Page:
The Impact of Customer Power on Product Marketing


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While I often spend time talking about customer experience issues, the real driver for the increased experience expectations is customer power. The shift in power to customers started with the growth of the WorldWideWeb, and has accelerated as a result of social computing. Now, more than ever before, customers have a greater ability to drive their buying cycles, and wield their influence socially, on their terms.

These changes are causing huge impacts within businesses that serve these customers, causing them to reexamine their business processes and practices. While a customer experience focus requires and organizational wide commitment, led by the C-suite, I also believe it presents an opportunity for great product marketers to increase their strategic value.

To me, all great product marketing starts with positioning and, to date, the best positioning framework is still the one described by Geoffrey Moore in his classic, Crossing the Chasm. His formula, published in 1991, still holds up today after more than 20 years:

• For (target customer)
• Who (statement of need or opportunity)
• The (product name) is a (product category)
• That (statement of key benefit – that is compelling reason to buy)
• Unlike (primary competitive alternative)
• Our product (statement of primary differentiation)

Its power comes from the comprehensive nature of the areas its covers. Done right, it provides a guide for defining new product enhancements back into engineering and external marketing and sales activities.

While it still works, I believe that customer power is driving a need to expand the definition with one additional key focus area. My suggestion would be to add an additional bullet around the customer definition portion of the statement:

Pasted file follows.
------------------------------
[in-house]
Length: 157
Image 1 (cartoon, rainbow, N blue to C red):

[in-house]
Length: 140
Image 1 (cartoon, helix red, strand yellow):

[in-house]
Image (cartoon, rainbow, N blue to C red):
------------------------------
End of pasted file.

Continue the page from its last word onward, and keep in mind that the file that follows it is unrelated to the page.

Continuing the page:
• For (target customer)
• Who (statement of need or opportunity)
• And desire (statement of experience expectations)
• The (product name)…..

By adding an experience element to the statement, product marketing is on the hook to define the experience dimensions of the product. Expectations could be “low cost and easy to use” or “high value with strong service component” or something similar. By including experience factors, positioning now also guides the strategic approach to customer interactions for all who touch the customer (marketing, sales, service, finance, etc.). I’ve always felt that product marketers who take the time to develop strong positioning statements really are taking ownership of the strategic direction of that product line, not just product marketing. Adding in customer experience factors extends that even farther.

Positioning is only one element of the activities for product marketers (albeit the one that sets the framework for all other tasks) and I plan to explore how customer power is impacting all the elements of product marketing in my new role at Gartner. I’d love to hear you thoughts on this expanded approach to positioning, or other product marketing activities, in light of customer power and customer experience.

Hank Barnes
Hank Barnes provides research and advisory services on go-to-market strategies--particularly around marketing, positioning, and customer experience--for technology providers. Hank has more than 25 years of high-technology sales and marketing experience in both field and corporate roles, both as an individual contributor and the marketing leader for several startups. He is a long-time proponent of customer-centric marketing and the use of customer experience as a key differentiator for business success. His posts here include content from his days with Adobe, SAP, and now Gartner


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